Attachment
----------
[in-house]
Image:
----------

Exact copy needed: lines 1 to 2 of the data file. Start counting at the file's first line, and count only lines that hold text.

[in-house]
Image: